Aussies are heading to the polls today to decide whether an Indigenous Voice to Parliament will be enshrined in the constitution.
More than 7,000 booths opened across multiple states at 8am on Saturday and will remain available for Australians to cast their vote right until 6pm by simply writing 'yes' or 'no' on the ballot.
A Newspoll survey published in The Weekend Australian shows a three-point swing toward a 'yes' vote over the past week to 37 per cent.
With 57 per cent of surveyed voters saying they intended to vote 'no' as of Friday, a point down on the previous poll, the referendum would be lost if the poll results were reflected at the ballot box. Six per cent of voters said they remained undecided.
So what will today look like?
What you need to know
Polling places are open from 8am to 6pm local time.
Over 6 million people voted early, with Friday being the biggest single day of pre-polling in Australia's history with just over one million votes cast.
The result of the referendum should be clear just hours after voting begins, political experts claim.
In order for a referendum question to pass it must be agreed to by the majority of voters in the majority of states – that means at least four of the country's six states.
Since Federation, there have been 44 proposals for constitutional change. Only 8 referendums have succeeded.
Voting is compulsory for all citizens aged 18 and above who are registered. And if you fail to vote and don't have a valid reason, you could face a $20 fine that will increase the longer it goes unpaid.
🗣️ What they said
PM Anthony Albanese in his final appeal to voters: "This is a time where Australians have that opportunity to show their generosity of spirit."
Opposition Leader Peter Dutton: "We have an opportunity for Australians to do better. To do better to show respect for the First Australians, but to do something for ourselves as well."
Labor senator Pat Dodson in rare public appearance on Wednesday: "We need to have change, we need to have an effective voice to the parliament, we need to have recognition as the first peoples. You can't live in your own country and not be recognised. Are the Aboriginal and Torres Strait Islander people going to be at the table or pick up the crumbs as we have been for the last 200 years?"
Leading No campaigner and Nationals senator Jacinta Nampijinpa Price: "I don’t think we should be dividing ourselves along the lines of race. The Constitution belongs to every single Australian and we need to come together as Australians and I'm there with others to ensure that we will put hard work to bring about outcomes that this government is failing to do."
Comedian Rove McManus on The Project: "What are we doing to ourselves? This is a real moment where we can be proud and show what a wonderful country this is."
🤔 Why should I care?
Yes campaigners say that the Voice is needed to recognise Aboriginal and Torres Strait Islander people in Australia's Constitution, and because it would lead to governments making better decisions on matters that affect the lives of Aboriginal and Torres Strait Islander people.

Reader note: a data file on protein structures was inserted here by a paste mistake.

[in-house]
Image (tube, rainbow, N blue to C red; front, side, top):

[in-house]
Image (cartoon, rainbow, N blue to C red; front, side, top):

No campaigners say too many details of how the advisory panel will operate are unknown, having a body for only one group of Australians will create a racial division in the country and a 'yes' vote could prompt endless litigation.
💬 Conversation starter
Josh Roose, a political sociologist, argues that the cost of living crisis could be a factor in how people vote - and it's likely to favour the 'no' campaign.
"People are so focused on themselves and their own survival that an abstract issue like this talking about rights and framed as recognition of others is seen as somehow threatening their own existence," he told Yahoo News Australia.
⏭️ So what next?
If the 'yes' campaign prevails, the next step would be legislation, political scientist Simon Jackman told Yahoo News Australia. "With the Parliament now having the powers to create the Voice in the constitution, [attention would] turn to the practical business of what is its form and its structure, what questions would Parliament delegate to the Voice to take a crack at and how Indigenous representatives might be elected to it by their local communities."
Given the recent poll results, Mr Jackman said if the referendum passes, it will be a "political earthquake". "It will be such a shock that if that were to happen I think the coalition would be rocked to its core."
If the 'no' campaign prevails, Mr Jackman said the outcome will be "personally devastating to the generation of Indigenous leaders who have been on the front lines of this now for, in some cases, decades."
With some efforts about the treatment of First Nations people being made in Queensland, South Australia and NSW, the political scientist said he believes attention will return to potential changes on a state level. He also predicted that following a loss, Labor "will be keen to try and put something on the table between now and the end of the political year", such as housing, to "remind us that they're competent government and that they're actually dealing with the issues".
🗞️ To read more about the Voice referendum:
Do you have a story tip? Email: email@example.com.